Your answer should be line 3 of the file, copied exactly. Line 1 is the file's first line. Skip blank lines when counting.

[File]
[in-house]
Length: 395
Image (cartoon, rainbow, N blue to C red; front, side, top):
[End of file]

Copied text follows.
Image (cartoon, rainbow, N blue to C red; front, side, top):